Their needs are viewed holistically, combining educational, mental health, wellbeing and physical health supports.
Specialists in such multidisciplinary teams can include, for example, emotional counsellors/therapists, social services, youth services, outreach care workers, psychologists, nurses, speech & language therapists.
Other key features of a combined model as a one-stop shop are:
- Continuity of support over time, flexible levels of support, programmes tailored to levels of need
- Outreach: reaches groups missed by pre-packaged programmes, including through home visit family support outreach
- Drop-in dimensions
- Peer supports over time
- Going beyond 'passing on bits of the child' so that referrals of families and children can take place within a team-based approach in a common location to help address the fragmentation of the existing support services
- A focus on establishing relational spaces.
Building spaces where relations of trust can be built
This approach to promoting environments as relational spaces of trust can help reduce stigma in accessing, for example, mental health and emotional counselling supports. It can also help bridge the divide between services and groups who may tend not to access such services. Word-of-mouth recommendations from peers can help open alienated communities to services in a climate where there may be much distrust of ‘the system’. These community-based centres offer a key opportunity to engage those more vulnerable adults with services meeting their needs, in an environment where they already feel at ease and a sense of belonging.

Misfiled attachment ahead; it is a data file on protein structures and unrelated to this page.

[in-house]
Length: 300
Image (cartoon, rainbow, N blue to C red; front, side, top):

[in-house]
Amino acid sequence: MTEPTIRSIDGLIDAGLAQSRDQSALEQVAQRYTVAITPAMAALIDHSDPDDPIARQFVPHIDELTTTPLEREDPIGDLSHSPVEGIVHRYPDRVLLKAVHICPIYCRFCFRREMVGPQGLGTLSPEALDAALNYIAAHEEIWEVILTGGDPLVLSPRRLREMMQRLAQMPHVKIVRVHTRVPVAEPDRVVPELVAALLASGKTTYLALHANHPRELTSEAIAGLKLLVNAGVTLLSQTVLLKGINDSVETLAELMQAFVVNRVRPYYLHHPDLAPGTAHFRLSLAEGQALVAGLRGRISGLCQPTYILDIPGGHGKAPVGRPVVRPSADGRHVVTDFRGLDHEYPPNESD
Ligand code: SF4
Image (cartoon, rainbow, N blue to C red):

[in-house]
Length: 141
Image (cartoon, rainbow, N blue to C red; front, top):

In communities experiencing high levels of social and economic exclusion, there need to be neutral spaces where a range of groups can feel comfortable; professionals may not often be aware of local mindsets, territories and divisions with regard to location. Key benefits of this gateway and co-location approach are shown below.
/et/file/benefits-gateway-co-location-approachbenefits gateway co-location approach
One-stop shops need supportive policy and funding
Funding for such one-stop shops will require more joint strategic planning between ministries such as education, health and social affairs across Europe, where it is evident that there is often a lack of coordinated strategy in this area. It also offers opportunities for making use of shared public infrastructures to their best potential. With rising rents in many cities in Europe, local services may be able to save on rental costs through being placed in one common location.
Funding strands such as Erasmus+ and the European Social Fund (ESF) need to play a key role in supporting the expansion of these one-stop shops, building on local community services, together with increased national ministry and local municipality commitments to support this vital strategic area for inclusion.
Dr. Paul Downes is Associate Professor of Education (Psychology) and Director of the Educational Disadvantage Centre, Institute of Education, Dublin City University, Ireland. He has been a member of the EU Commission’s European Education and Training Expert Panel (2018-19) to support the EU’s post-2020 Strategic Cooperation Framework for Education and Training. Paul’s other blogs on EPALE address the need for assertive outreach strategies; ways to improve prisoner access to eduction; why we need to be careful in using SMART outcomes in adult learning; how to develop a European approach to high quality family learning; and the need for structural indicators to act as a bridge between top-down and bottom-up approaches in lifelong learning.